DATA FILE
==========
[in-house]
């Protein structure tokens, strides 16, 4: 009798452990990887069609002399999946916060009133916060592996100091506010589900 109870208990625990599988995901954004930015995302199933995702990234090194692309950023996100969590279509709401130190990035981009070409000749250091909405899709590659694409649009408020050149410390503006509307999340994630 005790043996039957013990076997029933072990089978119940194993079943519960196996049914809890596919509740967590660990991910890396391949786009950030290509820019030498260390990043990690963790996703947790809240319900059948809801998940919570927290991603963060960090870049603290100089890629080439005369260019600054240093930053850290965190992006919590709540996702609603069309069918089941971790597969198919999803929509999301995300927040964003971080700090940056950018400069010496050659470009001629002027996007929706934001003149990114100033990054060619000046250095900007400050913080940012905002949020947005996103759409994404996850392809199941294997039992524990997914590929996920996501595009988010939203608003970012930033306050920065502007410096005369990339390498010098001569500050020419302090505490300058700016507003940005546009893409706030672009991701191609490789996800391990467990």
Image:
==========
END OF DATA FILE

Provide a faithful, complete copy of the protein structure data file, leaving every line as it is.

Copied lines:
[in-house]
């Protein structure tokens, strides 16, 4: 009798452990990887069609002399999946916060009133916060592996100091506010589900 109870208990625990599988995901954004930015995302199933995702990234090194692309950023996100969590279509709401130190990035981009070409000749250091909405899709590659694409649009408020050149410390503006509307999340994630 005790043996039957013990076997029933072990089978119940194993079943519960196996049914809890596919509740967590660990991910890396391949786009950030290509820019030498260390990043990690963790996703947790809240319900059948809801998940919570927290991603963060960090870049603290100089890629080439005369260019600054240093930053850290965190992006919590709540996702609603069309069918089941971790597969198919999803929509999301995300927040964003971080700090940056950018400069010496050659470009001629002027996007929706934001003149990114100033990054060619000046250095900007400050913080940012905002949020947005996103759409994404996850392809199941294997039992524990997914590929996920996501595009988010939203608003970012930033306050920065502007410096005369990339390498010098001569500050020419302090505490300058700016507003940005546009893409706030672009991701191609490789996800391990467990």
Image: